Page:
Landlords Ask Mayor to Freeze NYC Property Taxes
As their financial struggles spill over into the "fourth quarter" of the COVID pandemic, building owners are now asking for a reprieve from their 2021 tax obligations.
A landlord lobbying group, known as the Rent Stabilization Association (RSA), has asked the de Blasio administration to institute a property-tax freeze, to waive all late fees and charges, and to provide owners with a monthly payment plan option -- to alleviate a lump-sum payment burden.
The requested break comes amidst a 5% decrease in property values, according to the NYC Fiscal Year 2022 assessment roll. And although their properties have taken a hit, owners are finding their assessments increasing -- a pill most find too large to swallow, particularly, now.
“Since this pandemic began nearly one year ago, there has been no real relief for property owners. State and City elected officials have turned their backs on the City’s true affordable housing providers with endless eviction moratoria, a rent freeze, no mortgage relief, and increased property taxes.” Joseph Stasburg, RSA’s president proclaimed. “This is another slap in the face to the City’s property owners. If the Mayor truly wants to help all New Yorkers, he would put a freeze on all property assessments for the upcoming fiscal year.”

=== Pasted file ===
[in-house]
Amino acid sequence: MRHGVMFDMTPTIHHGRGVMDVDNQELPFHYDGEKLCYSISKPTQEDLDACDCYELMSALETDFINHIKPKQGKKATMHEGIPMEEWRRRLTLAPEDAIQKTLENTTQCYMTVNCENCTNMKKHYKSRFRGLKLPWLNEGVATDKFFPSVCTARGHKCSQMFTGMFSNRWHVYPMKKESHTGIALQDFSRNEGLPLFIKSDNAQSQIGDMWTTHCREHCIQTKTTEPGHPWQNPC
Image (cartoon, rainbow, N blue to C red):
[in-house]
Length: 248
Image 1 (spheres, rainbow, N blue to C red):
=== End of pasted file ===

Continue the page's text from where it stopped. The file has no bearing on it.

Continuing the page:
While NYC has been one of most exclusive and sought-after areas in the world, the bittersweet trade-off comes in the form of the ironclad tenant protection laws that some landlords view as Draconian. For instance, the yearly annual increase guidelines for rent-stabilized apartments promulgated by the city was again frozen at 0% for the third year in a row, prohibiting owners from increasing rents and keeping some pace with inflation. In addition, the pandemic has caused rent-rolls to drop, while operating costs (like taxes) continue to rise.
Because the rent laws have certainly been abused by exploitative owners (with more fraudulent schemes being uncovered each and every year), usually few tears are shed for them. But those owners who are willing to play by the rules, and aren’t gaming the system, are reportedly suffering.
Since approximately 53% of the City’s annual tax revenue comes from the real-estate industry, owners are now standing up and demanding that a bone (or two) be tossed their way. If granted, the property tax freeze might be the saving grace for thousands of owners (and tenants) whose wallets are already drained.